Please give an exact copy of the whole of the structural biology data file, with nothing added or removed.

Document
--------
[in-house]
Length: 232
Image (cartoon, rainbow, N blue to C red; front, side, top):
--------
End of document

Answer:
[in-house]
Length: 232
Image (cartoon, rainbow, N blue to C red; front, side, top):